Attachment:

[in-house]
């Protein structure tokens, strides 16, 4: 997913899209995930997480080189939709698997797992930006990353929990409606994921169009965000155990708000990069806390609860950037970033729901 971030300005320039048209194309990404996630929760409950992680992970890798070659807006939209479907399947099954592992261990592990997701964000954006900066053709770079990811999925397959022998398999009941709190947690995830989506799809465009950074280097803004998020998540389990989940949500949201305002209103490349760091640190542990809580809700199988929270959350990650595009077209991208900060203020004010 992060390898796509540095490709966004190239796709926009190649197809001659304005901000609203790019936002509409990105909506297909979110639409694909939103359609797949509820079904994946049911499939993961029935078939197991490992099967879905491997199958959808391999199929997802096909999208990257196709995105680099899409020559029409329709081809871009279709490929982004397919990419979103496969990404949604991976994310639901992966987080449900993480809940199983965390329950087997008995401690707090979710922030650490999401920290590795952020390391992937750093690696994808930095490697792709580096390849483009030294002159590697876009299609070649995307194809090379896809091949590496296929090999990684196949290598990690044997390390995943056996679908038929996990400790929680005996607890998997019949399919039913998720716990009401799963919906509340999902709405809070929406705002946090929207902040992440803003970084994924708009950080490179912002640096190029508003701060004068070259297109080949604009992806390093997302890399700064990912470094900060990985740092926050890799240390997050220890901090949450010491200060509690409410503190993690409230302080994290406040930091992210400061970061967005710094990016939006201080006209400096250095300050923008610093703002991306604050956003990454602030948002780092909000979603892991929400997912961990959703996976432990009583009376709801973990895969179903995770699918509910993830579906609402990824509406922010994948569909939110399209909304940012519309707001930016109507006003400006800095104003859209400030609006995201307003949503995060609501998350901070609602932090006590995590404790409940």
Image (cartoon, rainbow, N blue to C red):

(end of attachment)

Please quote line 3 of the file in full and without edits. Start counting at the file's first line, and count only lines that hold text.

Image (cartoon, rainbow, N blue to C red):